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Beguines (bāgēnzˈ), religious associations of women in Europe, established in the 12th cent. The members, who took no vows and were not subject to the rules of any order, were usually housed in individual cottages and devoted themselves to charitable works; their community was called a beguinage. Until the 14th cent., numerous women of high social standing went into the communities. From Belgium and the Netherlands the movement extended across France and Germany. During the earlier years, their services to society brought the Beguines favor and protection from secular and church authorities; but in the 13th and 14th cent. accusations of heresies and immorality among them as well as among the Beghards, the corresponding bands of men, led to the scattering of the members. The character of the surviving communities eventually changed, in some localities taking the form of almshouses for needy spinsters.


See study by E. W. McDonnell (1954, repr. 1969).

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12th-century French mendicant order. [Fr. Hist.: Espy, 98–99]
Allusions—Cultural, Literary, Biblical, and Historical: A Thematic Dictionary. Copyright 2008 The Gale Group, Inc. All rights reserved.
References in periodicals archive ?
In general, the book tackles the problem of terminology: various words were used to name beguines and beghards, which have misled both contemporaries and later scholars.
Critique: "The Wisdom of the Beguines: The Forgotten Story of a Medieval Women's Movement" by Laura Swan (a member and former prioress of St.
Swan brings the reader out of the Low Countries (Belgium and the Netherlands), most closely associated with beguines, to France (Colette of Corbie), to Italy (Frances of Rome), to Spain (Maria Garcia), and across Europe as women, particularly between the 13th and 16th centuries, sought a way to live consecrated lives outside cloister.
In particular, I was drawn to "Samba II" (great melody, interesting texture changes, fast rhythmic appeal); "Beguine" (an improvisational adventure, accelerandi and quarter note triplets); "Mambo" (an easier fast piece with a catchy hook); and "Samba III" (the collection's finale, worthy of its placement.)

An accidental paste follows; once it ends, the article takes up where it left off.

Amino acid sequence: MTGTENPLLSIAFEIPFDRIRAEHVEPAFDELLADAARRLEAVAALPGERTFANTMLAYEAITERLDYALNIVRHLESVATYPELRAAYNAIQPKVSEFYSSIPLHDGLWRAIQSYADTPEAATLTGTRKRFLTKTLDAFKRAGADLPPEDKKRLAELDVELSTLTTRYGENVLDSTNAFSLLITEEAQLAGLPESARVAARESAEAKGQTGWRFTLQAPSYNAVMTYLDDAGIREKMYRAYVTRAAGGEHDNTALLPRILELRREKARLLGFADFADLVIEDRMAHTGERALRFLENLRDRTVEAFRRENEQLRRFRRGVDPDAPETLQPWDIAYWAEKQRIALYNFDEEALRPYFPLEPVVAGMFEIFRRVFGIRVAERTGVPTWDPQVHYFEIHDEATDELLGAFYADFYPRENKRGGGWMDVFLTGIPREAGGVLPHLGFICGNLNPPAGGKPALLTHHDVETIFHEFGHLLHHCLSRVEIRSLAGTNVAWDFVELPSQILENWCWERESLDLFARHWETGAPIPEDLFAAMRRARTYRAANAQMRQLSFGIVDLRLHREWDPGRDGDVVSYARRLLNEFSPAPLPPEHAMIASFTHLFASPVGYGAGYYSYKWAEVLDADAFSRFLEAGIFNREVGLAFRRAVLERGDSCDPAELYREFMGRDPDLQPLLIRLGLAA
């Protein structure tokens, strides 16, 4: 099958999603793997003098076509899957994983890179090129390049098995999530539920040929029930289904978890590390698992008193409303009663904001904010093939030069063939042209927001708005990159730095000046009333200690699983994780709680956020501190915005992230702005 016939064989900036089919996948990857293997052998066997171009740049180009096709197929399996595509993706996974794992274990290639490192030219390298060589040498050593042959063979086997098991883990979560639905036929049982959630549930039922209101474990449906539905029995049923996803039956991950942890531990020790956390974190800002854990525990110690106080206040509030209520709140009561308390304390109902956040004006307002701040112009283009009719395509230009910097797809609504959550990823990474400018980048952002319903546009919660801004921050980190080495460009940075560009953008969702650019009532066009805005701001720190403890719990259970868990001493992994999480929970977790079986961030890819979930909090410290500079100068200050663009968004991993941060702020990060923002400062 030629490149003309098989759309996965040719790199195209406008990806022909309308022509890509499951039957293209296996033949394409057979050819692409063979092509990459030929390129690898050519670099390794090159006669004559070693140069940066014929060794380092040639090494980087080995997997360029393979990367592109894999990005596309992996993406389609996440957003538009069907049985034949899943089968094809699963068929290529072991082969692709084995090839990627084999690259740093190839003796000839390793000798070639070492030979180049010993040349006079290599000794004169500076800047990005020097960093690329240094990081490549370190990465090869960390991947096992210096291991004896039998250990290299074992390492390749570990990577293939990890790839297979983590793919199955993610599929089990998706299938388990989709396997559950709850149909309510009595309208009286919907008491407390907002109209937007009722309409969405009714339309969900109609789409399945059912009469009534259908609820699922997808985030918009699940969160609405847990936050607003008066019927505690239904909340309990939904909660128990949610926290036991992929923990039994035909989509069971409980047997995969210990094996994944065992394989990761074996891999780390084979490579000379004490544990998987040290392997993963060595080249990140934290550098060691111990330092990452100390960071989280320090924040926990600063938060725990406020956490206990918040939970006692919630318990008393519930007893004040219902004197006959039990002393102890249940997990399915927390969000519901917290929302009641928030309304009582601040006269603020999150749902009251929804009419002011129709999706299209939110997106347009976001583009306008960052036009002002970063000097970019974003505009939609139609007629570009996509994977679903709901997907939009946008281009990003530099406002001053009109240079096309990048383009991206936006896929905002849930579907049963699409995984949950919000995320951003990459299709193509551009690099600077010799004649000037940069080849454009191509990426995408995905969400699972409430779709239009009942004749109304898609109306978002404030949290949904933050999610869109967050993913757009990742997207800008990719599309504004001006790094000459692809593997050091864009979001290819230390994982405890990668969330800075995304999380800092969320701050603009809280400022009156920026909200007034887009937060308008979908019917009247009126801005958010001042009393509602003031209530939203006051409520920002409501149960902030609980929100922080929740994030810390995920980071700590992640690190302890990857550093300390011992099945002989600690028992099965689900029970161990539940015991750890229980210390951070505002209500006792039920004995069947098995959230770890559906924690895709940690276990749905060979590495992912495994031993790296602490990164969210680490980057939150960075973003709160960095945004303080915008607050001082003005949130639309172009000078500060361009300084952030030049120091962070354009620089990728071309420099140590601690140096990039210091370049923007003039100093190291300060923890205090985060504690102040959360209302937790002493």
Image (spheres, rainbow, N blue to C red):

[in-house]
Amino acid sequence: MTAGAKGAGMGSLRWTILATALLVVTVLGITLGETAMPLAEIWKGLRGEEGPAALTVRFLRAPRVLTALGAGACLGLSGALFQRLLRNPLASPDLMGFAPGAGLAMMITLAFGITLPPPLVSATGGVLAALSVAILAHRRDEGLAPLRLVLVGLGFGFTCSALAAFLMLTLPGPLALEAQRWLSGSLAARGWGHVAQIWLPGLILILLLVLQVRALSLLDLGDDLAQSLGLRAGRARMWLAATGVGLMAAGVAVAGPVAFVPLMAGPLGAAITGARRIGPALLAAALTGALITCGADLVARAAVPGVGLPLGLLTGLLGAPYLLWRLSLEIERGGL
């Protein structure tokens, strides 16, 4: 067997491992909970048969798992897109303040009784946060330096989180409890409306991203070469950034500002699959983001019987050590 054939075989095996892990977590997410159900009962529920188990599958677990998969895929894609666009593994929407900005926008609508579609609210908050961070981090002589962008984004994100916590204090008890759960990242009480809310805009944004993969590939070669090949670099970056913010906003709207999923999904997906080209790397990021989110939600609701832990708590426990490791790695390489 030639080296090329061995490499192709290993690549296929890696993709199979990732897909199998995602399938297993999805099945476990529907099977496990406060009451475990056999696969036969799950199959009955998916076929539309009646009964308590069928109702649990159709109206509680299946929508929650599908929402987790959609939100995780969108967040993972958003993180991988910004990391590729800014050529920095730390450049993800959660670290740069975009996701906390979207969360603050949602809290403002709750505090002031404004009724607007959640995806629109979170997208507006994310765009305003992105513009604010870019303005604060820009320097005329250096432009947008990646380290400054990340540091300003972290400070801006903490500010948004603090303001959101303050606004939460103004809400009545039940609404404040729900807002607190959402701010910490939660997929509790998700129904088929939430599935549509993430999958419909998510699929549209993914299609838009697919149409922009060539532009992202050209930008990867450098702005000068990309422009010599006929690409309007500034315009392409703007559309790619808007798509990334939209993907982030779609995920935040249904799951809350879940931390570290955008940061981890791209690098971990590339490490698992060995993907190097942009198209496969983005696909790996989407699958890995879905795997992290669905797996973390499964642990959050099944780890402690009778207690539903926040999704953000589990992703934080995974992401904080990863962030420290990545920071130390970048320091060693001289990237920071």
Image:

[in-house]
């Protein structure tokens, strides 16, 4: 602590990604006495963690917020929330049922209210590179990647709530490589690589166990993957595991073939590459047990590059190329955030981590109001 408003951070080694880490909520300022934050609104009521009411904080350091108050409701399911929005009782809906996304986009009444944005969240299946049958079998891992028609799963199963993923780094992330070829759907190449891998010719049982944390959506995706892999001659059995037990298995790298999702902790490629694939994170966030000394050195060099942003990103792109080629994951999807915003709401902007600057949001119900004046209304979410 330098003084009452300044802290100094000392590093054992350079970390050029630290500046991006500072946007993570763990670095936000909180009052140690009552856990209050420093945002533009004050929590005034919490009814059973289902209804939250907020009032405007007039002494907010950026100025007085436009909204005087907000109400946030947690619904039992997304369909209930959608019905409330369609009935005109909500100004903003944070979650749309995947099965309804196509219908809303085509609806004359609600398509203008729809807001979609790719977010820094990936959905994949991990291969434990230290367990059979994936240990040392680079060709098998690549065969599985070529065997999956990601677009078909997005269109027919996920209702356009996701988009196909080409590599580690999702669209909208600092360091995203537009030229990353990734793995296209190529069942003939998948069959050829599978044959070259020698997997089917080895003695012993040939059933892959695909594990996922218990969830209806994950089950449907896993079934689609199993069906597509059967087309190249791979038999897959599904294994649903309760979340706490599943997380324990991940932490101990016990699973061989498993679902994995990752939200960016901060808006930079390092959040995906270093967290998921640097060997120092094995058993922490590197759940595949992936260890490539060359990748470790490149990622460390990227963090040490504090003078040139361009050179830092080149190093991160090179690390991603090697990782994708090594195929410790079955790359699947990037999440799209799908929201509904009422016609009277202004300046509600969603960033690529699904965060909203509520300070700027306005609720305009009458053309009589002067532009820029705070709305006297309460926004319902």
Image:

Cities of Ladies: Beguine Communities in the Medieval Low Countries, 1200-1565.
Beguines appeared originally in the cities of the Low Countries at the beginning of the thirteenth century, as women moved to town in large numbers to work in the cloth industry or as servants or nurses or even teachers--a number of public schools were established in the cities, serving girls as well as boys and needing teachers of both sexes.
Here, through careful quantitative and demographic analyses of diplomatic materials culled from about forty archives of the southern Low Countries, Simons painstakingly reconstructs the social history of the beguines. He uses evidence from documents of practice such as wills, obituary books, hearth censuses, cartularies, and guild records to show when formal beguinages were founded, whether they were of the convent or court type, how many beguines inhabited these communities, how beguines were employed in the community and urban workforce, and, perhaps most revealingly, the socioeconomic status of both founders and members of beguine institutions.
Amaurians, beguines and the Brethren of the Free Spirit
At age 20 Mallet-Joris won unanimous critical approval with her novel Le Rempart des beguines (1951; U.S.
In the five extant letters to her fellow Beguines, Maria emerges as an active and forceful personality.
While still in her teens, Mallet - Joris wrote Le Rempart des Beguines (1950; translated as The Illusionist, 1952), the story of a girl of fifteen who becomes the lesbian lover of her father's mistress.